This is the third Weezer Fan Club exclusive 7" record, and it features a great track, It's Been So Long. Karl described it to me as a 2014, Everything Will Be Alright In The End-era b-side, similar in spirit to the Beach Boys song Do It Again. He asked that I try out ideas that were more abstract than just literal interpretations of the lyrics, and suggested an idea of the members of Weezer driving in their first tour van, Betsy.  Below, left, you can see my sketchbook page where I am trying to process all of this information, along with considering the previous fan club 7" record designs.


I thumbnailed about 30 ideas and the culled the best 15 to send to Karl. The one he liked best was a design from the point of view of Rivers driving Betsy through the desert at sunset (above, right). Once he had selected that front jacket design, I thumbnailed a back jacket design of the van broken down (which Betsy apparently did quite frequently).

This seemed appropriate, but there was a problem - the designs depict the band in 1994, when Matt Sharp was the bassist of Weezer, but "It's Been So Long" obviously features Scott Shriner, Weezer's current bass player. It didn't seem right that Matt should be on there, but not Scott, but it also felt wrong to leave Matt out of the history of this image. I then had the idea to have Scott driving by on the freeway, blissfully unaware of the small touring band broken down on the side of the road, which he would someday be a member of. All the guys were living in California at the time, so this could have happened! As the cartoonist Don Rosa often says in the notes of his historical fiction stories: "Prove that it didn't happen!"  :)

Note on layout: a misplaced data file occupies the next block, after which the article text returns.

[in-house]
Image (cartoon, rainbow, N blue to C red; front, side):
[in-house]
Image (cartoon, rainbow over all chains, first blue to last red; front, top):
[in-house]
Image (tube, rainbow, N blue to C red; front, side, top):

Karl set me up with a dozen reference photos of Betsey, the band, and various ephemera from that era, and then we both did a deep dive on Google Image Search for dashboard and interior photos of 1985 Dodge Prospectors (the van) and 1980 Dodge Challengers (Scott's car). Overall, 60 reference photos were used to ensure maximum accuracy.


I started with the front jacket illustration. Below you can see the in-progress pencils next to the finished illustration. When I'm working on something really detailed like this it helps me to use multiple lead colors (black, blue, red) to visually keep track of different parts of the image.